mostraligabue
» » The Open Door: When Writers First Learned to Read

ePub The Open Door: When Writers First Learned to Read download

by Steven Gilbar

ePub The Open Door: When Writers First Learned to Read download
Author:
Steven Gilbar
ISBN13:
978-0879239213
ISBN:
0879239212
Language:
Publisher:
David R Godine; 1st edition (June 1, 1989)
Category:
Subcategory:
History & Criticism
ePub file:
1310 kb
Fb2 file:
1176 kb
Other formats:
doc azw lrf mbr
Rating:
4.5
Votes:
450

who had to love reading, learned to read. May 19, 2010 David R. Godine rated it it was amazing. Shelves: words-and-humor. The Open Door is a reader's delight, a book to be savored, to browse through time and again. It has an endearingly personal tone, as if the reader had been invited to sit down for a short visit with each of the writers.

Godine in association with the Center for the Book in the Library of Congress.

Other prose: from c 1900 -, Literature - Classics, Criticism, Literary Criticism, Books & Reading, General, Nonfiction, General, Books and reading, Authors, American, Authors, English. Godine in association with the Center for the Book in the Library of Congress. inlibrary; printdisabled; ; china.

Published in conjunction with the Center for the Book at the Library of Congress to celebrate the Year of the Young Reader. Excerpts of one to three pages from the work of 29 writers, either autobiographical or nearly so. Includes photographs and brief biographical notes.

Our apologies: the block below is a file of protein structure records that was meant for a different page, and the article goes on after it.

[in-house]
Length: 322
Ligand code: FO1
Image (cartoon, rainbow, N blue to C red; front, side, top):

How did you learn to read? By Thriftbooks. com User, February 26, 2005. It was first published in 1989. The preface is by Barbara Bush who was the Honorary Chairperson of The Year of the Young Reader,a national campaign initiated by the Library of Congress to encourage young people to love books and reading.

When Writers First Learned to Read. Published June 1, 1989 by David R Godine.

com's Steven Gilbar Page and shop for all Steven Gilbar books. The Open Door: When Writers First Learned to Read. Check out pictures, bibliography, and biography of Steven Gilbar.

My experiences were like many of those writers whose recollections were gathered in my earlier anthology, The Open Door: When Writers First Learned to Read.